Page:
While walking through the winter woods, I have seen these two trees which have red twigs. The one above . . . and this one . . .
The first image is of a sourwood (Oxydendrum arboreum). The second is red maple (Acer rubrum). Now, how to tell them apart? Let’s look more closely at each tree’s branching pattern, twigs and buds.
Starting with sourwood, this image shows a typical forking pattern for new branches:
The newer twigs coming off the prior growth’s branch are red. Also, notice the position of the twigs along the branch. They alternate along it.
This next image provides a closer view of a single red sourwood twig — which demonstrates one of the distinguishing features of sourwood. The top of the twig seems blunt or “cut off.” The length of the twig also seems a bit “zig-zag” with the way the leaf buds and leaf scars are aligned along it.
Here’s a closer view of a blunt sourwood twig tip . . .
Another closeup of a twig tip — with a “bump” for a leaf bud.
And one more closeup of a sourwood twig tip — this time with a leaf bud of a slightly different shape . . .
You can also see the leaf scar from last year’s leaf — just below the new leaf bud.
This last sourwood image shows the leaf scar further down the twig, along with a leaf bud which looks like a cap on top of the leaf scar.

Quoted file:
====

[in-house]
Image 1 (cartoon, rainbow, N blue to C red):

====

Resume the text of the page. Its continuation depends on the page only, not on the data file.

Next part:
Turning to a red maple, here’s a branch with newer twigs coming off it.
A closer view of another red maple branch and twigs . . .
Notice the arrangement of the twigs. They are opposite each other. In fact, they alternate their “oppositeness” along the branch. The botanical term for this branching pattern is “opposite and decussate.”
You can see this clearly in the two red maple images above as well as in the next image.
The above image shows a couple things. First, the twig is quite straight along its length. Second, can you see how the red maple twig tip looks more pointed while the sourwood twig tip looked blunt?
The tip of the twig above has buds clustered more closely together than the next red maple twig tip.
Here’s an even closer look at a different red maple’s pointed tip. You can see how the scales overlap in a lovely pattern.
This final red maple image shows the buds further down the twig. They are located above the leaf scars — which are relatively smaller than sourwood’s leaf scars.
I’m sure there are more ways to distinguish between these two trees. For me, when I’m enjoying that winter woods walk and I see some red twigs, I look for:
(1) the overall shape of the twig (straight–red maple vs. “zig zag”–sourwood),
(2) the shape of the twig tip (pointed–red maple vs. blunt–sourwood) and
(3) the bud position (opposite–red maple vs. alternate–sourwood).